you can’t make decisions if you don’t have direction

February 5, 2013

I’ve just sung that something like fifty times. It’s catchy. it also goes quite well with have a banana.

I feel like there should be xylophones playing underneath it, too. In any case, it’s a line spooling off from my mental reorientation. It’s been a tricky day today for the thought processes, and it’s not even three o’ clock. Such is life.

I have spent most of today- and yesterday evening- in a state of dread and a hard-knotted, living anxiety, a little Cthuhlu uncoiling in my ribcage*, besieged all round by small terrors. I’m flathunting. Making big decisions about where I’m going to live and the people I’m going to live with for maybe the rest of this year, two things which will significantly influence my mood, my sense of self, how I handle being alive, the stresses of study and the convoluted turmoil of ideas inside of my head.

Now if you know me at all, you’ll know I dislike decisions. Intensely. This is mostly because I hate being wrong, because wrong usually equals pain. It then stands to reason that I hate big decisions because they have in them the potential for Very Big Pain. Nobody enjoys Very Big Pain. Not even masochists.** And so I’ve spent most of today and a significant portion of yesterday fretting myself to small and angsting shreds because I’m afraid of a thousand nebulous things and unsure what to choose and what I want and what is good for me, and I am very afraid of making the wrong decision. Mostly because I don’t know what the right decision looks like. And I think I’ve spent more than just the past few days in this headzone, even though the panic has been less at the forefront than this morning; I’ve been swimming through vacancy and black water with no idea of up or down, knowing only the disturbing brush of shadows underneath my feet, disoriented and distracted by every small fear, every twig, every dead bird. Every cold wave. Nothing to grip onto, nothing to orient against. No stars, no moon, no sun. No landmarks in this indistinct watery mass. Merely the drag of the tide, whose other name is time.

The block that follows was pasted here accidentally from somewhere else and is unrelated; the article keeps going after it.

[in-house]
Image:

I have been, I think, staring at froth and the tossed grey minutiae of debris too long. Everything becomes a series of small indecisions, a morass of tiny battering fears and the uncertainty that comes with them. This is what happens when you don’t orient yourself against anything. This is what happens to me, anyway. The real issue being, not the debris or the black water or the maybe-there-are-sharks, but forgetting what I was swimming towards. This way I get easily pushed and pulled by every new piece of flotsam that streams past.

All those birds. All that kelp.

Who clambers into the damn ocean, anyway, if you don’t know where you’re going? Then again, I don’t think we get given a choice. (Coastal shelf.)

had a direction. That is the biggest thing about this year; I began it with more of a direction than I have had in- a long while, yes? I have been struggling from sleep for a while, pushed about by currents, and two years of aimless drifting, treading the same water post-university,*** had put me on the edge between a distinct desire to sink and- what was new- being really tired of sinking. So over the Christmas and New Year break, scrabbling desperately for the looming possibility of change, I grabbed for something, held it loosely but held it, reoriented myself and struck out for a direction.